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Guide to the Mabou Mines Archive, 1966-2000 (bulk 1970-1995) MSS.133

Fales Library and Special Collections
Elmer Holmes Bobst Library
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Fales Library and Special Collections

Collection processed by Sharon Lehner, 2003; and William J. Levay, 2006-2007. Media updated by Luke Martin and Brent Phillips, 2008; YZ Chin, 2009. Further processing and description by Luke Martin, 2009.

This finding aid was produced using ArchivesSpace on March 28, 2019
Description is in English.

 Updated by Jacqueline Rider to reflect incorporation of video preservation master and sub-master files Updated by Megan O'Shea to prepare artwork being sent to offsite art storage in September 2017 Updated by Kelly Haydon to meet minimum requirements for off-site storage.  Updated by Rachel Searcy to reflect 2019 accretion of posters  , March 2017 , August 2017 , May 2018 , February 2019

Historical Note

Mabou Mines is a collaborative, avant-garde theater company based in New York City. Founded in 1970, the company took its name from an old mining town in northern Nova Scotia, near where founding members JoAnne Akalaitis, Lee Breuer, Philip Glass, Ruth Maleczech, and David Warrilow, developed  The Red Horse Animation, the group's first original performance piece. Since then Mabou Mines has produced scores of plays, collaborated with well-known writers, musicians, visual artists, and filmmakers, garnered heaps of critical praise and awards, and performed around the globe, cementing its reputation as an innovative force in the theater world. The company's official website is

Lee Breuer and Ruth Maleczech met studying theater at UCLA in the late 1950s. Around 1960, the couple hitchhiked to San Francisco to participate in the city's active theater scene. Working at the San Francisco Actor's Workshop and the San Francisco Mime Troupe they met Bill Raymond, and at the San Francisco Tape Music Center they met JoAnne Akalaitis. In 1964 Akalaitis moved to New York City but left for Paris soon after with composer (and future husband) Philip Glass. The following year Breuer and Maleczech left San Francisco for Europe. The two couples met up while traveling in Greece, went back to Paris, and with actor David Warrilow, began to work on staging Samuel Beckett's Play. It premiered at the American Cultural Center in 1967. It was also in Paris that the group first met actor Frederick Neumann. In 1969, back in New York with Glass, Akalaitis wrote the others in Paris suggesting they form a theater group in New York.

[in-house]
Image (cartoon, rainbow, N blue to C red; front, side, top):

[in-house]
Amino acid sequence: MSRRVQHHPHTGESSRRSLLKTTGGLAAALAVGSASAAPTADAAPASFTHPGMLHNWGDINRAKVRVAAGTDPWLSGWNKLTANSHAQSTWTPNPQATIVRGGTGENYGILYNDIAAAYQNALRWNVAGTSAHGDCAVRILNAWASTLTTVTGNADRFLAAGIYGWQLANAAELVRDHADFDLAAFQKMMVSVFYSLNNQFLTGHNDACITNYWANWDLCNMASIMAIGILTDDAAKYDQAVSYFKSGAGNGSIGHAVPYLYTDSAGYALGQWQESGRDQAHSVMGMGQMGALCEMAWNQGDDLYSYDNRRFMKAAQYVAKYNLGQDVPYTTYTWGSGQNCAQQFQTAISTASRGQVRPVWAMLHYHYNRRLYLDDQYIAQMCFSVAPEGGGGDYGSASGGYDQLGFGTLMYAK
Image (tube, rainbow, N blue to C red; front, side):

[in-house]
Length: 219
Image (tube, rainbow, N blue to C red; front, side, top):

"Mabou Mines came together as a group to create formal works that would explore language and acting. They had a strong desire to collectively exercise complete artistic control over the work."1 Influenced especially by Jerzy Grotowski's teaching and Beckett's work, Mabou Mines went on to produce experimental theater pieces like Breuer's Red Horse Animationpieces that resulted from intense collaboration and improvisation, and incorporated elements of visual art, dance, mime, puppetry, and music.  Arc Welding Piece (1972), for example, featured an artist using an arc welder to make cuts in a large piece of metal, while actors expressed various states of emotion, their faces enlarged by magnifying lenses. In 1974, Fred Neumann joined the group to work on Breuer's second "Animation,"  The B. Beaver Animation. Bill Raymond joined shortly thereafter.

In its early years, Mabou Mines moved easily between the art world and the theater, often performing in galleries as well as stages. But its work with Beckett's writing firmly situated the group within a theatrical context. "Mabou Mines has produced eight pieces by Samuel Beckett [ Cascando, Come and Go, Company, Imagination Dead Imagine, The Lost Ones, Mercier and Camier, Play, Worstward Ho], six of which have been world premieres of texts not originally written for the theatre. These productions have led to Mabou Mines being considered one of the foremost interpreters of Beckett's work."2 After an early residency at La Mama Experimental Theatre Club in New York, the company began performing at Joseph Papp's New York Shakespeare Festival Public Theater, and other venues in New York and elsewhere.